If your child is under the age of six, you should talk to your doctor about testing your child for lead if you answer "yes" to any of the following questions:
Is the child eligible for Medicaid, Child Health Plan Plus, or Colorado Indigent Care Program?
Does the child reside in or regularly visit pre‐1978 homes in poor condition or recently renovated?
Does the child reside in or regularly visit pre-1960 homes regardless of condition?
Is the child a recent immigrant, refugee, or foreign adoptee?
Does the child have a sibling or playmate who has or recently had a confirmed elevated blood lead level?
Does the child have a household member who uses traditional, folk, or ethnic remedies or cosmetics, or who routinely eats food imported informally (e.g. by a family member) from abroad?
Does the child have a household member who participates in a lead-related occupation or hobby?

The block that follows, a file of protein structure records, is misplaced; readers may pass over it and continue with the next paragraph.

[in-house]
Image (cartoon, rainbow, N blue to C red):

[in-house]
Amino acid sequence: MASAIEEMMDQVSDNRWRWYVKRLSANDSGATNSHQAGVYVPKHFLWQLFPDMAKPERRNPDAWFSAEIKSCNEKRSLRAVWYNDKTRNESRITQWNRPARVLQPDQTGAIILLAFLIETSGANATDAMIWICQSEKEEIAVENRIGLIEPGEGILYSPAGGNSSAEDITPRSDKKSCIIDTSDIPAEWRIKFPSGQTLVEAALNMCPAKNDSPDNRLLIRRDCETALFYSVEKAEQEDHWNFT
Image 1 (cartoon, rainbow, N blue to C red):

Do you or the parent suspect the child is at risk for lead exposure or does the child exhibit symptoms of lead poisoning (e.g. pica behavior, developmental delay, known exposure)?
Your child will have a blood test to find out if they have high levels of lead in their blood. The only way to know if a child has lead poisoning is to have the child tested for lead, because often no signs or symptoms are visible. Some low-cost health clinics also provide lead testing.
Information for Providers Colorado recommends targeted screening for blood lead testing. Colorado guidelines currently recommend that all low-income children in Colorado should be tested for lead at 12 months and 24 months of age, using either a capillary or venous blood specimen. Further risk-based factors are mentioned in our lead screening guidelines.
Blood lead levels have been a reportable condition in Colorado since 1997. Under the state’s reporting law, all laboratories performing blood lead tes5ts are required to report the results of those tests directly to the Colorado Department of Public Health and Environment.